I didn’t offer any of the obvious responses to this petulant tirade. I was more or less under orders not to gratuitously alienate people who were paying in excess of two thousand dollars a week to rent a vacation home, and spending twice that on jewelry and restaurants. I never got a chance to answer him anyway, because that was the moment when Chief Selectman Dan Taylor showed up.
I heard him first. “I’m seeing Chief Kennis right now and you can’t stop me!”
I had arrested Dan’s younger son Bruce the night before, at a rowdy beach party in Madaket, but that was no excuse for this confrontation. I had also saved his older son Mason from killing himself, but that was more than six months ago, and Dan’s memory was short. One thing for sure—I needed to tighten up the security downstairs. It was turning into Grand Central station around here.
“Dan, come on in. Mr. Gibson here was just leaving.”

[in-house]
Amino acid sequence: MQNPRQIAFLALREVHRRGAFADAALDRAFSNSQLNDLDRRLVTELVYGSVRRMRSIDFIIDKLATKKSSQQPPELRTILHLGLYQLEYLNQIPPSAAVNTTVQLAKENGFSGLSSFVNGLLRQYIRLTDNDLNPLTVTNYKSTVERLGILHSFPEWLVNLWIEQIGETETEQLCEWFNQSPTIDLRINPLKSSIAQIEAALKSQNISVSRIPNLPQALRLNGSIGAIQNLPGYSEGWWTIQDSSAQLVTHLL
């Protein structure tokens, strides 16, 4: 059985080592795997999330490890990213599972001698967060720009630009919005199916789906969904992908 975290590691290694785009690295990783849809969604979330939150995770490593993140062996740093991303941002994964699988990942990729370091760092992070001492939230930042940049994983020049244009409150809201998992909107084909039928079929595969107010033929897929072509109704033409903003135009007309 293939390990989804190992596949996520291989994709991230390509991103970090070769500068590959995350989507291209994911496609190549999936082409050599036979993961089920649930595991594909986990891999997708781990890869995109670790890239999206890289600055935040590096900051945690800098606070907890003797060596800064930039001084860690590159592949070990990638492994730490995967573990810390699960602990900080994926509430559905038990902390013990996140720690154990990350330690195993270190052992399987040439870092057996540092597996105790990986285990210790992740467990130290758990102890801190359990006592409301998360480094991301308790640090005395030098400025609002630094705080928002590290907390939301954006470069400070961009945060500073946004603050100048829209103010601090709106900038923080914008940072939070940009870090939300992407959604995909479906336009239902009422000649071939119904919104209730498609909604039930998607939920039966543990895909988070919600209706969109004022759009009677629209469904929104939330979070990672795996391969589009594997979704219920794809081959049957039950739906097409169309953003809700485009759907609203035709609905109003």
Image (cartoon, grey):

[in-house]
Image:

I brushed past Gibson, stepping out into the hall to greet the burly Selectman. Gibson lingered behind me. “You’ll be hearing from my lawyer,” he said.
“I need you to go.”
I turned around. He was standing at my desk, looking for something actionable, no doubt—some memo about harassing summer visitors.
“Now,” I said.
He strode past us. Dan hadn’t even noticed him. He was glaring at me, a squat pugnacious troll, balding with a fringe of gray hair and a big square face designed for temper tantrums. He filled my office, incongruously sporty in Nantucket red shorts and a Lacoste t-shirt.
“What do you think you’re doing, Kennis? What the hell kind of—”
“Sit down, Dan. Take a deep breath and—”